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Mercedes Transcenz
Sherryl L. Parks | Kalamath Drive

 

 
Mercedes Martin.  Courtesy City of Del Mar

Mercedes Martin came to Del Mar to work for Jim Sandoval in the Planning Department in 1988. At that time her son was 2 years old and she was working full-time while going to school half-time. Early in 1994 then City Manager Lauraine Brekke-Esparza promoted her to City Clerk where she has served Del Mar for 18 years.

The Sandpiper asked Mercedes to tell us a little about her early years where she grew up.

I was raised in Kansas City Kansas -- which is not to be confused with Kansas City Missouri. My father was a U.S. Postal Clerk, and my mother would sing at the drop of a hat. I went to a community college right out of high school but had no idea what I wanted to study. The Vietnam War was happening, friends were being drafted or going to college to try to avoid the draft and KCK was a hot spot for race riots.

My education, unfortunately, took a back seat and I married at 18. I went to work for an insurance company. A few years later when my marriage ended, I met a musician and we traveled for several years while he pursued his musical career. Later we settled down in Springfield, Mo, and I went to college part-time at Southwest Missouri State University.

Sandpiper: How did you get to San Diego and ultimately Del Mar?
In 1984, my soul mate Don Christiansen and I started our lives together. In 1988 we moved to Carlsbad with our 2-year-old son and settled in with the understanding that I would return to school. I also needed a job and Del Mar was hiring. I went to work for Jim Sandoval in Planning - working full-time while going to school half-time. In 1994 I graduated from San Diego State University with a BS degree in Business Administration.

Sandpiper: What do you do as the City Clerk?
The City Clerk profession has been around for years. In the United States, it is a female dominated position. The Clerk duties are fairly exacting; there are a lot of regulations that cities must follow, such as the Brown Act, the Public Records Act, the regulations of the Fair Political Practices Commission, and the Elections Code. The Clerk helps the City meet those legal obligations. The Clerk is also the keeper of the Council records, including all of the minutes, resolutions, ordinances and contracts approved by the City Council. While there is no specific training required by the profession itself, it is encouraged. Cities in California are generally requiring some experience in the field and a college degree, with a Certified Municipal Clerk designation as a plus. I was awarded my CMC in 1998; continual education regarding changing laws is critical.

Sandpiper: How many City Managers have you worked for?
I’ve worked for five City Managers beginning with Kay Jimno in 1988.

Sandpiper: Is the transition difficult?
Change is always somewhat stressful and every manager has his or her own style and strengths. I am pretty easy going and know my job well, so I usually don’t get too stressed out. I think the City has been very fortunate to have such good managers. As people get to know the new manager, Scott Huth, I think they will agree that he meets the high standards that Del Mar demands.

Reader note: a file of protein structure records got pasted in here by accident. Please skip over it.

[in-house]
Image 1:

Sandpiper: We see you out in the community often. What do you look forward to each year?
My favorite part of the job as City Clerk is working with the community. My favorite events are the City Council’s Annual Volunteer Reception, the summertime Concerts in the Park, and of course, going to the Fair and Races. Part of the reason I love these events is because it is an opportunity to visit with some of the residents and to enjoy this beautiful city. I think the high caliber of the residents and their involvement in the community, the beauty of the natural settings, and the small group of tight-knit employees all add to the reasons why people love working here.

Sandpiper: We have an election this year. How does that impact your workload?
Elections are difficult -- it’s not the politics though. It’s all of the laws regulating elections that are sometimes difficult because the Code is not always written very clearly. As the Elections Official, I must operate in absolutes, even though the Elections Code is sometimes “gray.” Besides the Code, there’s case law. As the Clerk, I really need to stay on top of these regulations.

Sandpiper: Working full time, going to school part time and raising a child is a lot to handle. How have things worked out for your family?
Years later, Don and I are still living in Carlsbad. Our now 26-year-old son is living nearby and working on his PhD in computer science at UCSD. For all of the guilt that I had being a full-time working mother and part-time student, I truly believe that my determination to finish school and my belief in the value of education were recognized by my son as being important lessons.

The City of Del Mar is a wonderful place to work. I enjoy working here and getting to know, and interact with, many of Del Mar’s residents.

Sandpiper: Wow, you have already worked for Del Mar for almost twenty-five years. Thanks for your continued attention to details and keeping us on track.


 

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